Thursday morning’s weather was not particularly enticing for an hour-long bike ride to the construction site where Habitat For Humanity is hard at work building housing units on a lot in South San Francisco. It wasn’t just foggy. It was drizzly. When I double-checked on their website and saw the words “rain or shine,” I figured that applied to me too. They needed a photographer to document the progress at their site and to capture the volunteers that make it all possible. After several climbs and descents on slick streets through neighborhoods new to me, a few wrong turns (thanks Google maps), and helpful directions from a cute old Chinese man who drew a map in my notebook, I found the work site.

About 20 volunteers were spread out, filling a wall with mortar, digging plumbing trenches, and surveying. I signed the waiver form, donned the obligatory hard hat, and started clicking with my digital point-and-shoot and SLR. Folks were friendly and having fun getting dirty and working hard. The project that will house several families is expected to take 2 years to complete and will require tens of thousands of volunteer hours. The photos were sent off when I go home and will be used on Habitat’s website. Here are a few:

Habitat For Humanity

 

Thursday morning’s weather was not particularly enticing for an hour-long bike ride to the construction site where Habitat For Humanity is hard at work building housing units on a lot in South San Francisco. It wasn’t just foggy. It was drizzly. When I double-checked on their website and saw the words “rain or shine,” I figured that applied to me too. They needed a photographer to document the progress at their site and to capture the volunteers that make it all possible. After several climbs and descents on slick streets through neighborhoods new to me, a few wrong turns (thanks Google maps), and helpful directions from a cute old Chinese man who drew a map in my notebook, I found the work site.

About 20 volunteers were spread out, filling a wall with mortar, digging plumbing trenches, and surveying. I signed the waiver form, donned the obligatory hard hat, and started clicking with my digital point-and-shoot and SLR. Folks were friendly and having fun getting dirty and working hard. The project that will house several families is expected to take 2 years to complete and will require tens of thousands of volunteer hours. The photos were sent off when I go home and will be used on Habitat’s website. Here are a few:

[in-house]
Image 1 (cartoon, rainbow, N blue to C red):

Habitat For Humanity

Habitat For Humanity

Thursday morning’s weather was not particularly enticing for an hour-long bike ride to the construction site where Habitat For Humanity is hard at work building housing units on a lot in South San Francisco. It wasn’t just foggy. It was drizzly. When I double-checked on their website and saw the words “rain or shine,” I figured that applied to me too. They needed a photographer to document the progress at their site and to capture the volunteers that make it all possible. After several climbs and descents on slick streets through neighborhoods new to me, a few wrong turns (thanks Google maps), and helpful directions from a cute old Chinese man who drew a map in my notebook, I found the work site.

About 20 volunteers were spread out, filling a wall with mortar, digging plumbing trenches, and surveying. I signed the waiver form, donned the obligatory hard hat, and started clicking with my digital point-and-shoot and SLR. Folks were friendly and having fun getting dirty and working hard. The project that will house several families is expected to take 2 years to complete and will require tens of thousands of volunteer hours. The photos were sent off when I go home and will be used on Habitat’s website.